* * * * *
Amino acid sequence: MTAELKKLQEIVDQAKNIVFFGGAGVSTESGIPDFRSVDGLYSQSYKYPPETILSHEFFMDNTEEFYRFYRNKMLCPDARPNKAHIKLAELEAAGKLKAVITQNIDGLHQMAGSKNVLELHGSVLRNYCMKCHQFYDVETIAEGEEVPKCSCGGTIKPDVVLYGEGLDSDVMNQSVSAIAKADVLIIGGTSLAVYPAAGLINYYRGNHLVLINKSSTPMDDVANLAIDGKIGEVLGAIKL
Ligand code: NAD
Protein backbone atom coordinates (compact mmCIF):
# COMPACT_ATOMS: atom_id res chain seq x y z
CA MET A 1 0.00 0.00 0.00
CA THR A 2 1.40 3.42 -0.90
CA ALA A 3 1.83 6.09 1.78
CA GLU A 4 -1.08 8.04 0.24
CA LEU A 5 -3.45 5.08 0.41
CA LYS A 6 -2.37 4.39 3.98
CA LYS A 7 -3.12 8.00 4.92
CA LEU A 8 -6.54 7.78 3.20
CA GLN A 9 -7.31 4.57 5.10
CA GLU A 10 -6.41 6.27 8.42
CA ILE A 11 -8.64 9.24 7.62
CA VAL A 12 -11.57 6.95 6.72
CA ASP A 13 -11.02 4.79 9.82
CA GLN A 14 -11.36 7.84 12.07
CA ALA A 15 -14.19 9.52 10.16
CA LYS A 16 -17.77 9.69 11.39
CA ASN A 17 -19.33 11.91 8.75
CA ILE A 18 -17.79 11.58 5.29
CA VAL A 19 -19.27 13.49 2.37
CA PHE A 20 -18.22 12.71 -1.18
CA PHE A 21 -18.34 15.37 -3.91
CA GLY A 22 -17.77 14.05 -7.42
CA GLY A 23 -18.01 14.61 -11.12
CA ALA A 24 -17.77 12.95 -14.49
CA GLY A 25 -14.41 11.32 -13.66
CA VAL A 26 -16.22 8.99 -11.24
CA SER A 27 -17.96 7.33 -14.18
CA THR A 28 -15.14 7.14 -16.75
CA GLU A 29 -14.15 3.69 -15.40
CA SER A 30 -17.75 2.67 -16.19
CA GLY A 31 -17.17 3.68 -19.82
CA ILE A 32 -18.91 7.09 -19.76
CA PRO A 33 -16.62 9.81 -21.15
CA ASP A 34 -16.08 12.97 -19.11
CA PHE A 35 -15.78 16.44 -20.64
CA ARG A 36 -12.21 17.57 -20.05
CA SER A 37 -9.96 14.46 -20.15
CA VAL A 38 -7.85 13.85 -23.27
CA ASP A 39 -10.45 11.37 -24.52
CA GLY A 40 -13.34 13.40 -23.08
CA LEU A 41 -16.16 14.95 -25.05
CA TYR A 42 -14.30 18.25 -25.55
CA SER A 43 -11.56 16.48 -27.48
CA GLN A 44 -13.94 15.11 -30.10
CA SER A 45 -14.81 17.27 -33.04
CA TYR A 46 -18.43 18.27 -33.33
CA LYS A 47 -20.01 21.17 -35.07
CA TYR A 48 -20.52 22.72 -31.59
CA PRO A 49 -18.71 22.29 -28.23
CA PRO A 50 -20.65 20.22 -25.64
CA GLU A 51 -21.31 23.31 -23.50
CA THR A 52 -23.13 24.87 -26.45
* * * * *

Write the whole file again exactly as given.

Amino acid sequence: MTAELKKLQEIVDQAKNIVFFGGAGVSTESGIPDFRSVDGLYSQSYKYPPETILSHEFFMDNTEEFYRFYRNKMLCPDARPNKAHIKLAELEAAGKLKAVITQNIDGLHQMAGSKNVLELHGSVLRNYCMKCHQFYDVETIAEGEEVPKCSCGGTIKPDVVLYGEGLDSDVMNQSVSAIAKADVLIIGGTSLAVYPAAGLINYYRGNHLVLINKSSTPMDDVANLAIDGKIGEVLGAIKL
Ligand code: NAD
Protein backbone atom coordinates (compact mmCIF):
# COMPACT_ATOMS: atom_id res chain seq x y z
CA MET A 1 0.00 0.00 0.00
CA THR A 2 1.40 3.42 -0.90
CA ALA A 3 1.83 6.09 1.78
CA GLU A 4 -1.08 8.04 0.24
CA LEU A 5 -3.45 5.08 0.41
CA LYS A 6 -2.37 4.39 3.98
CA LYS A 7 -3.12 8.00 4.92
CA LEU A 8 -6.54 7.78 3.20
CA GLN A 9 -7.31 4.57 5.10
CA GLU A 10 -6.41 6.27 8.42
CA ILE A 11 -8.64 9.24 7.62
CA VAL A 12 -11.57 6.95 6.72
CA ASP A 13 -11.02 4.79 9.82
CA GLN A 14 -11.36 7.84 12.07
CA ALA A 15 -14.19 9.52 10.16
CA LYS A 16 -17.77 9.69 11.39
CA ASN A 17 -19.33 11.91 8.75
CA ILE A 18 -17.79 11.58 5.29
CA VAL A 19 -19.27 13.49 2.37
CA PHE A 20 -18.22 12.71 -1.18
CA PHE A 21 -18.34 15.37 -3.91
CA GLY A 22 -17.77 14.05 -7.42
CA GLY A 23 -18.01 14.61 -11.12
CA ALA A 24 -17.77 12.95 -14.49
CA GLY A 25 -14.41 11.32 -13.66
CA VAL A 26 -16.22 8.99 -11.24
CA SER A 27 -17.96 7.33 -14.18
CA THR A 28 -15.14 7.14 -16.75
CA GLU A 29 -14.15 3.69 -15.40
CA SER A 30 -17.75 2.67 -16.19
CA GLY A 31 -17.17 3.68 -19.82
CA ILE A 32 -18.91 7.09 -19.76
CA PRO A 33 -16.62 9.81 -21.15
CA ASP A 34 -16.08 12.97 -19.11
CA PHE A 35 -15.78 16.44 -20.64
CA ARG A 36 -12.21 17.57 -20.05
CA SER A 37 -9.96 14.46 -20.15
CA VAL A 38 -7.85 13.85 -23.27
CA ASP A 39 -10.45 11.37 -24.52
CA GLY A 40 -13.34 13.40 -23.08
CA LEU A 41 -16.16 14.95 -25.05
CA TYR A 42 -14.30 18.25 -25.55
CA SER A 43 -11.56 16.48 -27.48
CA GLN A 44 -13.94 15.11 -30.10
CA SER A 45 -14.81 17.27 -33.04
CA TYR A 46 -18.43 18.27 -33.33
CA LYS A 47 -20.01 21.17 -35.07
CA TYR A 48 -20.52 22.72 -31.59
CA PRO A 49 -18.71 22.29 -28.23
CA PRO A 50 -20.65 20.22 -25.64
CA GLU A 51 -21.31 23.31 -23.50
CA THR A 52 -23.13 24.87 -26.45